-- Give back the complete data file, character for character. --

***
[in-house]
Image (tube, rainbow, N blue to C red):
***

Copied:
[in-house]
Image (tube, rainbow, N blue to C red):